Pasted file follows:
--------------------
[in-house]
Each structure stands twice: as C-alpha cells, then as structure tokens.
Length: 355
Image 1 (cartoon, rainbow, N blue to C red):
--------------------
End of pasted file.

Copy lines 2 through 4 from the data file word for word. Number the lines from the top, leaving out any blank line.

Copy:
Each structure stands twice: as C-alpha cells, then as structure tokens.
Length: 355
Image 1 (cartoon, rainbow, N blue to C red):